4. As with everything else, realize that if it sounds too good to be true, it probably is. Would you believe that Frosted Mini-Wheats cereal has been "clinically shown to improve kids' attentiveness by nearly 20 percent"? Kellogg Co. recently agreed to settle Federal Trade Commission charges that those ad claims were false and broke the law. As it turns out, according to the study used to support that claim, only about half the kids who ate the cereal for breakfast showed any improvement in attentiveness, and only about 1 in 9 improved by at least 20 percent, the FTC said. There are plenty of misleading ads out there. Caveat emptor, especially with health claims for food.
5. Be prepared to drop something else from your diet. There is no magic bullet that will compensate for otherwise unhealthy eating habits; simply adding something to your diet isn't necessarily helpful unless you also subtract something. The limited health claims permitted for olive oil, for example, do not mean you can simply add it to your diet on top of everything else you eat; it has to replace a similar amount of saturated fat and not increase the number of calories you eat in a day. So tossing a handful of walnuts on a hot fudge sundae is not going to compensate for the sundae, says Alice Lichtenstein, a nutritional biochemist at Tufts University's Friedman School of Nutrition Science and Policy. (Sorry.)
6. Look at what else is in there. Juicy Juice now has special varieties that are touted as promoting "brain development" (with DHA, from omega-3 fatty acids) and "immunity" (with vitamin C, zinc, and prebiotic fiber) in small kids. Sounds great . . . except that the juice is still more than 75 percent sugar. And the American Academy of Pediatrics has said that instead of juice, children should be encouraged to eat fiber-rich whole fruits and that kids under 6 months shouldn't get juice at all.
The biggest trap in functional-food shopping is buying something that seems healthful but really isn't. Energy and breakfast bars, for example, make all kinds of claims about the added fiber but don't tout the fact that they often get more than half their calories from fat and sugar. That's why New York University nutritionist Marion Nestle calls them "vitamin-supplemented, fiber-supplemented cookie bars." Or what about eating chocolate to help your heart? As the Tufts University Health and Nutrition Letter has pointed out, CocaVia Heart Healthy chocolate bars do contain certain chemicals—cocoa flavanols and canola sterol esters—that may benefit your cardiovascular system. But each small candy bar has 100 calories and gets 60 of those calories from fat and 36 from sugar. Be sure to read the nutrition label on the back of the package, not just the claims on the front. (Here are 8 fixes nutritionists would like to see on food labels.) Bottom line: A functional food should be healthful before extra nutrients are added, says Barkoukis. That doesn't mean you can't enjoy chocolate, but don't think it's been transformed into a health food.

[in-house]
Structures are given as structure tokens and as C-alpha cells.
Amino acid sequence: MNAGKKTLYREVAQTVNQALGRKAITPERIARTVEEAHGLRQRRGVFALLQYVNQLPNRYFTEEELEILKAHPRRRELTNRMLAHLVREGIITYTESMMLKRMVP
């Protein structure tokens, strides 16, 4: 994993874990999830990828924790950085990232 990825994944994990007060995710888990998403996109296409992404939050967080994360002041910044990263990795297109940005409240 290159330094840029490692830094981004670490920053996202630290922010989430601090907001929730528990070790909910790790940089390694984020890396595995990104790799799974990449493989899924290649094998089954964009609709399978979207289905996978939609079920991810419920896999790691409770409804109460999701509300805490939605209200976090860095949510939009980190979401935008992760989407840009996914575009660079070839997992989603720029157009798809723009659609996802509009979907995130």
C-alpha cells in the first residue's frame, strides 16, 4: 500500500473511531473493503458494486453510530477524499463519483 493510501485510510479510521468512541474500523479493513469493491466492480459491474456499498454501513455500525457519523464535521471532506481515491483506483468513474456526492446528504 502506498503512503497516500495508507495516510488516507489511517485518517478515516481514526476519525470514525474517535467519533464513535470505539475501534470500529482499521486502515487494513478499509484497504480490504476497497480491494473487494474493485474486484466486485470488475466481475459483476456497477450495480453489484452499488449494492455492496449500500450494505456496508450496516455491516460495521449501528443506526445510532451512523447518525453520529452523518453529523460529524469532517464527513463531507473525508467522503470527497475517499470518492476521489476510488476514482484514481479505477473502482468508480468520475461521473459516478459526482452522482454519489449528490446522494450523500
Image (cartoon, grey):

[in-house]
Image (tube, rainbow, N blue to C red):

7. Consider your diet and supplements. Many of the nutrients that may attract people to functional foods are prevalent in whole foods that are easy to get and that, in fact, they may already be eating. The omega-3 fatty acids found in fish and plant sources are added to Tropicana Healthy Heart orange juice, for example. "At our house, we eat fish three times a week, so we don't buy it," says Christine Gerbstadt, spokesperson for the American Dietetic Association. On the other hand, someone who hates fish and doesn't eat a lot of plant sources of omega-3s may opt for fortified OJ, she says. And some nutrients are particularly tough to get from food alone (vitamin D is an example). That's why it's added to foods, including milk, some kinds of OJ, and margarine.
Gerbstadt also advises that you take into account supplements you already take; getting both those and functional food may not be necessary. "It's not that you will be getting toxic amounts per se, but it may be toxic to your food budget," she says. "And there are plenty of examples in science that show that more isn't always better."